Other Christian orders:
*To the north of the town is the Mormon London England Temple

Cults & other Belief Systems

East Grinstead is also home to several religious cults and other non-mainstream belief systems

*Kingdom Hall of Jehovah's Witnesses in London Road
*The Rosicrucians own property in the town
*The UK headquarters of the Church of Scientology is at Saint Hill Manor. Bought by Scientology’s founder the science fiction writer L. Ron Hubbard in 1959, Saint Hill was the cult’s world headquarters through the 1960s and 1970s - it still remains the organisation against which all other Scientology organisations are measured. Scientology remains as controversial in East Grinstead as elsewhere.

The curious co-incidence of so many faith organisations located in or close to the town has prompted debate and speculation over recent years. In 1994, a documentary entitled "Why East Grinstead?" was produced for Channel 4 by Zed Productions and directed by Ian Sellar. The documentary didn't come to any definite conclusions: the explanations ranging from the fact that East Grinstead sat on the convergence of ley lines to the more prosaic idea that the various religious inquirers had settled there because they liked the views.

Redevelopment

The East Grinstead Town Centre Master Plan was adopted on 10 July 2006 as a Supplementary Planning Document (SPD). [cite press release | url=http://www.midsussex.gov.uk/page.cfm?pageID=4685 | title=Revised Masterplan to safeguard unique character of town | date=2006-07-04 | accessdate=2007-10-02 | publisher=Mid Sussex District Council | format=html | language=English] The scheme arranges regeneration of the town centre in association with Thornfield Properties PLC. As of September 2007 Thornfield Properties has submitted plans to the council for the start of an ambitious development of the Queens Walk and West Street area. It is expected that other redevelopment companies will fulfil targets outlined in the SPD over the next 20 years. Landowners and developers are being encouraged to put forward plans achieve the vision set out in the SDP. The Master Plan is part of a larger scheme which will also see the redevelopment of the Haywards Heath and Burgess Hill town centres. [cite web | url=http://www.midsussex.gov.uk/Nimoi/sites/msdcpublic/resources/LDSadoptedOct2006%2Epdf | title=Local Development Scheme | format=pdf | language=English | accessdate=2007-11-15]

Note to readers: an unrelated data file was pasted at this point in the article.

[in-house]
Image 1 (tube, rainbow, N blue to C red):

A legacy of 1970s buildings followed by decades of low investment and short term planning have left the town with outdated retail spaces. The plan envisions a complete reconstruction of large parts of the town centre with a new town square as its focal point, a mix of commercial retail space, increased active shop frontage, and over 600 residential properties.The clear priority as stated by Mid Sussex District Council is the regeneration of the town centre, Queensway car park, Queens Walk and West Street.

Competing plans have been developed for the redevelopment of the Queen's Walk shopping arcade by Onslow East Grinstead ltd and Martells, a major land owner in the town centre. The Planning proposal is to demolish the existing Queen's Walk building 24 new shop units to replace the existing nine and create 185 new town centre flats together with a shared shoppers and residents underground car park. No planning application has been submitted to Mid Sussex District Council.

The problems the town faces have directly affected the volume of trade and the town's economic well-being. Residents do most of their non food shopping out of town, which has resulted in retailers in the town centre closing down and commercial premises being left vacant as they cannot compete with the more attractive shopping centre in Crawley with its better transport infrastructure and larger shop areas. [cite web | title=East Grinstead Town Centre Supplementary Planning Document | url=http://www.midsussex.gov.uk/Nimoi/sites/msdcpublic/resources/EGmasteraug06%5F02introduction01%2Epdf | format=pdf | language=English | accessdate=2007-10-02 | publisher=Mid Sussex District Council] No public money is being spent, with the SPD being a guide for private developers and landowners to pursue the ideas. The SPD helps this in that it in essence shows locations in town that have been given an arbitrary planning permission for projects as long as they fulfil the guidelines set out in the SPD.

A new bypass is planned to ease congestion. A projected increase in population from new housing developments and an increase in tourism from the proposed linking of the town with the heritage Bluebell Railway will service the plans to regenerate the town centre. These plans have been welcomed by many although various public consultations made it clear that any development must retain the town's character. The railway station will also be redeveloped as its simple concrete construction is seen as unattractive and a bad gateway into the town, along with the dilapidated state of the Railway Approach road that leads into town. The current station was built to replace a grand wooden Victorian-era railway station that was sold and moved to the USA. Public transport has also come under criticism for being badly linked and of poor quality, resulting in many residents using private cars to move around, further increasing congestion, with limited public car parking space in town.

Other parts of the plan require new car parks, alterations to the external appearance of two supermarkets, among other improvements to the town.Fact|date=November 2007

Crime

Crime rates in East Grinstead are lower than the national average. [cite web | url=http://www.findaproperty.com/crimefacts.aspx?edid=00&salerent=0&areaid=0540 | title=East Grinstead crime statistics | date=2005-06 | publisher=FindaProperty.com | format=html | language=English]

Transport

Rail